October 2, 2008 6:54am CST
For as long as I can remember, whenever someone would sneeze, someone in the vicinity would eventually say "bless you", didn't matter if it was a family member, friend, or stranger they had walked passed on the street or inside a store. I have often wondered why we do this and where this 'tradition' originated from. Yes I know I can very well look this up on Google or one of the other various search engines littered across the internet and probably come up with a billion different websites all trying to communicate the same ideology in their own different ways, but thought it would be fun to see what the MyLot community could come with. So, do you know why we say "bless you" when someone sneezes? Where did it originate from? While we're at it, if you say something different, why do you say it or where did the origins of your "phrase" come from?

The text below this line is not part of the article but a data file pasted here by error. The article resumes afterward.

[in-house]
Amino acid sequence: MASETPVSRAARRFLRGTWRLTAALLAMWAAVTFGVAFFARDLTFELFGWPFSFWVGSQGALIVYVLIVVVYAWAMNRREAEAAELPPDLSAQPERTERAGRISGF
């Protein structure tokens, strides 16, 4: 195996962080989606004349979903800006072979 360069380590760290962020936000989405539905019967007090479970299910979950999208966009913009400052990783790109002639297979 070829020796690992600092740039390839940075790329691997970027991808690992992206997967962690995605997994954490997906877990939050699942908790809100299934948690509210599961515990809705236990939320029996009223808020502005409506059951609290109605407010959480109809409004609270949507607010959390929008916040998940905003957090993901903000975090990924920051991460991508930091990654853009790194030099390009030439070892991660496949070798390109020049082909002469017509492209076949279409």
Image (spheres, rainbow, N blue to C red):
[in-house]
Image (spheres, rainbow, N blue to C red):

2 Oct 08
Yeah it does come from the believe that evil can enter your soul during a sneeze. For some reason as a child I always said "Blesh you" though and it was only when I became an adult that people started to question why and I have no idea. I can only presume that I was never corrected as a child and now it is habit.
2 Oct 08
I think it came from the ancient believe that when we sneeze, our heart stops beating for some nanoseconds and they will say "bless you" since are heart are back to working normal again. Of course, in modern age, this was considered as a fallacy many times.